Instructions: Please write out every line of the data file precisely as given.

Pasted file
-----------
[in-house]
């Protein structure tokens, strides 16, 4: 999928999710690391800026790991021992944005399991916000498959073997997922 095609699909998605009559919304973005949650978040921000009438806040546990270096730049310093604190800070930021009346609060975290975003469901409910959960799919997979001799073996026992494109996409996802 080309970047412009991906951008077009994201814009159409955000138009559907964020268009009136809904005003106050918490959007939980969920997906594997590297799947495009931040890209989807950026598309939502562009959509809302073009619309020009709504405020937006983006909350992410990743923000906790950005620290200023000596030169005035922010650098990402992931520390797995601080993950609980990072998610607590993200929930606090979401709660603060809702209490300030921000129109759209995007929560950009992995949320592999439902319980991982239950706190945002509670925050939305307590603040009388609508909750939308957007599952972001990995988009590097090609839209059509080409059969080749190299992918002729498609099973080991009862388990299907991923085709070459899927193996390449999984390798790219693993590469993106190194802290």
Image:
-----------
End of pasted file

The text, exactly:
[in-house]
């Protein structure tokens, strides 16, 4: 999928999710690391800026790991021992944005399991916000498959073997997922 095609699909998605009559919304973005949650978040921000009438806040546990270096730049310093604190800070930021009346609060975290975003469901409910959960799919997979001799073996026992494109996409996802 080309970047412009991906951008077009994201814009159409955000138009559907964020268009009136809904005003106050918490959007939980969920997906594997590297799947495009931040890209989807950026598309939502562009959509809302073009619309020009709504405020937006983006909350992410990743923000906790950005620290200023000596030169005035922010650098990402992931520390797995601080993950609980990072998610607590993200929930606090979401709660603060809702209490300030921000129109759209995007929560950009992995949320592999439902319980991982239950706190945002509670925050939305307590603040009388609508909750939308957007599952972001990995988009590097090609839209059509080409059969080749190299992918002729498609099973080991009862388990299907991923085709070459899927193996390449999984390798790219693993590469993106190194802290």
Image: